OK, OK! It's another bloody Crystal deck. I talked the hind-legs off of several donkeys the last time we looked at this thing but to kick things off as a sort of work in and nod back to all that stuff I said about Crystal decks and their mechanics.

But, you know what Jonquil does that I've rarely ever seen anyone do? Cut out a couple of colours.

Why don't we think of doing this? Because it makes a decent amount of sense. Go back to Deck Doctor #2 and you'll see that trying to get the bloody thing off the ground is infuriating, normally. Your trying to balance a lot of stuff as you make sure that your drawing entry, building up a decent pile of action tokens, laying down new coloured crystal to get the most out of the Prismatic keyword and hoping beyond hope that you're not against a dismiss deck. This is on top of winning points to stay in the game, keeping your opponent slowed down enough to keep up and trying to avoid having an aneurysm in the process.

Geddit? Though, it needs more shiny rocks to work properly.

Jonquil hit's on a very simple solution: cut down the deck. Focus what you have down to being reliable. And she has a point I think. The colours she's gone for are blue, orange, pink and yellow, with the orange Spike mane to compliment it.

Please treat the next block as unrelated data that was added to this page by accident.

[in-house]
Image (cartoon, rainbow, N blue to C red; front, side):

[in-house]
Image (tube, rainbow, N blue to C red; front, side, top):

And yes, I do mean compliment it. Here, orange is the heavy hitter. The character front and center is that 'Applejack, Crystalised', which gains +2 power for every colour it possesses. Pretty sweet, though, it can only get up to around +8 power with only three reliable colours to play with. Then again, how often do you need a character higher than 9 power? Maybe to one shot some of the nastier problems but 9 times out of 10, you can just walk it with an Applejack that can buck you into next week. Or two!